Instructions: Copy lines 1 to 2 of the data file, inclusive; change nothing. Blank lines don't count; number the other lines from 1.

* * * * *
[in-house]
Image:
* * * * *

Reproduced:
[in-house]
Image: